In 1924, Hannah enrolled in the School of Education at the University of Pennsylvania, the only school in the University that accepted women. Even within the School of Education, the University did not permit men and women to take classes together. Thus Hannah, and four other women, had a separate, women's only, laboratory for their classes. During her years at the University of Pennsylvania, Hannah discovered her passion--algae. For the rest of her career, she passionately studied algae from many regions of the world. In 1928 Hannah received her Bachelor of Science degree and enrolled in the University's masters program. Hannah as a child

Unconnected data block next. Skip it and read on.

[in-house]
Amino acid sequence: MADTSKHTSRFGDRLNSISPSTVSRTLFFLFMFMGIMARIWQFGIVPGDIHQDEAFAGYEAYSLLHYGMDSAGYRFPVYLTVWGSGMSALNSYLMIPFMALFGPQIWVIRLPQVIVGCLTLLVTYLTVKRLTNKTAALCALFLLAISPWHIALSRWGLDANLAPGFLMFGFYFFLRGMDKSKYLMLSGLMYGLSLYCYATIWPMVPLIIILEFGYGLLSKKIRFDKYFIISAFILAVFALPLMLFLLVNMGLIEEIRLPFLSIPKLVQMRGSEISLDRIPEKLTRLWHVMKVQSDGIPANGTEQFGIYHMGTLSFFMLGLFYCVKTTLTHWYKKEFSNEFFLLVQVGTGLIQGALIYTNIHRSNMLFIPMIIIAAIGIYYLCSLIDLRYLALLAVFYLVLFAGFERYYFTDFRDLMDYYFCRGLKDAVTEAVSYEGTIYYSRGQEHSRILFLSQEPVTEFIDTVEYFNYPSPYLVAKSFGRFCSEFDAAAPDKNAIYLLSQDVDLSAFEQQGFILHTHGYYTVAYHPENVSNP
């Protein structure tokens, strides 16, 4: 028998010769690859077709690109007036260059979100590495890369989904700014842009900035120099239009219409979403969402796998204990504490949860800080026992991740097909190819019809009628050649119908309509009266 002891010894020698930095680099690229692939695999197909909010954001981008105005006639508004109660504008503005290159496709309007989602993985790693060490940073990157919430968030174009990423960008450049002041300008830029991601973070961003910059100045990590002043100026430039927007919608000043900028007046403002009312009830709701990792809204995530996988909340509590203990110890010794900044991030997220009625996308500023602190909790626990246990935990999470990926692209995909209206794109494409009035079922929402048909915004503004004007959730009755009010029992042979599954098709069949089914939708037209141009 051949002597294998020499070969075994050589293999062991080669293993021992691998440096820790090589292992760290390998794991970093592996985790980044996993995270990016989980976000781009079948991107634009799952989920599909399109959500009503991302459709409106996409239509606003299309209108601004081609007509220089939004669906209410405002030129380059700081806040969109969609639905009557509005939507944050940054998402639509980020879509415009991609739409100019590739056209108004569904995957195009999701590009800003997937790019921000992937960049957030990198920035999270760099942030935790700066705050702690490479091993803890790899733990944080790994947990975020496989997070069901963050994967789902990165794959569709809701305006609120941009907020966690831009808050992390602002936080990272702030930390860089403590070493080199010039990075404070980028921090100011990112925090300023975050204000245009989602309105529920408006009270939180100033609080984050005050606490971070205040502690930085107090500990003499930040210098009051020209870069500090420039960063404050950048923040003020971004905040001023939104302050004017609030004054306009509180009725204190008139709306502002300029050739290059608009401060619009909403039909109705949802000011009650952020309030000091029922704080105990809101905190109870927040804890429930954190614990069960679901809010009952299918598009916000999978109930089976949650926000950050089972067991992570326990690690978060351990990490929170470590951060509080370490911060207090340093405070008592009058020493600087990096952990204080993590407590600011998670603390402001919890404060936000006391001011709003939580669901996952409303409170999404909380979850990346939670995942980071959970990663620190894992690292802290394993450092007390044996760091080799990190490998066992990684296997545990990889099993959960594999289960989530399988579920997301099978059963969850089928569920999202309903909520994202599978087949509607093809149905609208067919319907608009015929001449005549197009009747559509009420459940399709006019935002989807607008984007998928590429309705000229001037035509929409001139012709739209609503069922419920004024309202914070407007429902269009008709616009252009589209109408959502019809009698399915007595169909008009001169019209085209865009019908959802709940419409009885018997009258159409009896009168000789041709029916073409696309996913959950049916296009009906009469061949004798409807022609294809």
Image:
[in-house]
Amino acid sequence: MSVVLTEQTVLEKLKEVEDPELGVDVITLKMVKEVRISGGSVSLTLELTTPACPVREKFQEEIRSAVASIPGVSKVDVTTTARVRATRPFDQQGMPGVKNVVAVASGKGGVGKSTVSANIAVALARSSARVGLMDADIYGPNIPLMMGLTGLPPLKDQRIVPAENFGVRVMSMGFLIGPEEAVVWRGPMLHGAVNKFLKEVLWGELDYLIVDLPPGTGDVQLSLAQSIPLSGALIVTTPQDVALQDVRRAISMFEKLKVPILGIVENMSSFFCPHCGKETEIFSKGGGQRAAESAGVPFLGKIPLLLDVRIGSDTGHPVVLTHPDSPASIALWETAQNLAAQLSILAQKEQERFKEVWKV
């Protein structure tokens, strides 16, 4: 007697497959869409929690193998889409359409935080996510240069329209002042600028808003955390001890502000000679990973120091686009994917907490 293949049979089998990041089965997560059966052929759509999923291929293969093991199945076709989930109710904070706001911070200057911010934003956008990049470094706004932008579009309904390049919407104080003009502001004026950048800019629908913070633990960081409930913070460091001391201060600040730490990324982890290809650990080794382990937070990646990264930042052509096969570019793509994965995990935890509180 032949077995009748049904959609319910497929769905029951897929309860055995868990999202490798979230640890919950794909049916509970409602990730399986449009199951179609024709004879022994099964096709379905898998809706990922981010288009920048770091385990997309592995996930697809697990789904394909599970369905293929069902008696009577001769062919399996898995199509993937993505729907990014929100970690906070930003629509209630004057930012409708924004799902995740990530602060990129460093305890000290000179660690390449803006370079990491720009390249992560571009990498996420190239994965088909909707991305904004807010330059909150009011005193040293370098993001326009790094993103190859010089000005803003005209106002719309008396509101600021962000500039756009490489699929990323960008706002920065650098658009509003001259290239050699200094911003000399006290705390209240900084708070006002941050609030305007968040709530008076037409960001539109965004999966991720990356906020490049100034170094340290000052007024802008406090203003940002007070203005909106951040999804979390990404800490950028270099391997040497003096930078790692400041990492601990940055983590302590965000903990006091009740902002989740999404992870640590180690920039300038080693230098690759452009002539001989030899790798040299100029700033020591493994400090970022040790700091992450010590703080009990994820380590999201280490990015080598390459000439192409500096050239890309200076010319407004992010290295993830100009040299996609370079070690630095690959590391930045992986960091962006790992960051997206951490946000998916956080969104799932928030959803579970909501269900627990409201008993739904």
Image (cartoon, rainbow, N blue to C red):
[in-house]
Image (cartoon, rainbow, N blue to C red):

Completing her masters in 1931, Hannah again stayed on at the University of Pennsylvania to study for her doctorate. Since Hannah's arrival at the University, the school had become more accepting of women, giving her the opportunity to take part in a wider range of classes and academic experiences. Hannah received her Ph.D. for her thesis on the Freshwater algae of Woods Hole, Massachusetts, in 1935. For her work, Hannah was rewarded with the Sigma Xi award and accepted into Phi Beta Kappa.

While working in Woods Hole at the Marine Biological Laboratory during the summer of 1935, Hannah heard of a job opening at the Dartmouth Medical school. Mr. Wm. Ballard hired Hannah, beginning a friendship that would last for many years.

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